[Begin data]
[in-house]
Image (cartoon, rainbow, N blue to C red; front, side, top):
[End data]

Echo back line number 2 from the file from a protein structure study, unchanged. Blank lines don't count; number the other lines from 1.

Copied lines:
Image (cartoon, rainbow, N blue to C red; front, side, top):